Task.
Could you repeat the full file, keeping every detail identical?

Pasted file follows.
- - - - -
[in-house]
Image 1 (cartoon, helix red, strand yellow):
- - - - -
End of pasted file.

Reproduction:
[in-house]
Image 1 (cartoon, helix red, strand yellow):